The Australian Outback is home to some of the most amazing cave systems and the longest in existence. One team of researchers was trapped below it for 27 hours due to an avalanche.
Andrew Wight was an expert cave diver and led a team of 15 to explore the Pannikin Plains, which is the only one in the world that honeycombs the Nullarbor Plain.
The vast desert above the surface of the Great Australian Bight is home to a great many subterranean caves and passages, which are partially filled with water.
Wight invited an experienced dive team to join the party, with the intent of selling some of the stunning footage.
However, on the final day of their three-month journey, torrential rain fell across the area, and wind whipped through the valley. The entrance of the cave was then flooded and collapsed. This allowed the crew to film an extraordinary tale of survival.
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James Cameron, a Hollywood director (pictured left), was drawn to a documentary about Andrew Wight (pictured right) exploring remote caves of the Australian Outback. This led them both to work together on several films.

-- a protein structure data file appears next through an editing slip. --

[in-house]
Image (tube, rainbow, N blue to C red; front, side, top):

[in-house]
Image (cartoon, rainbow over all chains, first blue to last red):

At the border of WA and SA, the Nullarbor plain sits on top of the Great Australian Bight. It is home to the most extensive limestone rock in the world. There are many caves.
Wight was joined by his international team of cave divers and scientists. The world record for longest underwater cave diving at 3.5km had been set from Adelaide in 1988.
They were determined to explore the furthest reaches of the Pannikin Plains caves in an adventure that would test the limits of human endurance.
They were the first to explore the natural wonders of the earth. The group also conducted a number of scientific studies together with University of Sydney.
Julia James, who was then an internationally renowned expert on cave minerals, atmospheres and water at that time, led the research efforts of the university.
She stated that scientists and cave-explorers were always close friends on Nullarbor Plain, formed at the beginning of exploration of the cave-filled air.
“Now, we are going one step further, because although our scientists can go into air-filled caves to collect specimens and samples, they cannot swim underwater,” Dr James stated.
“These important samples are not yet available anywhere in the world and will provide very useful information regarding how these caves formed,” she stated.
“I consider this expedition one of the Everests in cave diving.”
Pannikin Plains cave’s entrance is just a hole in the Desert (pictured), but underneath lies a vast cave system that contains caverns and lakes.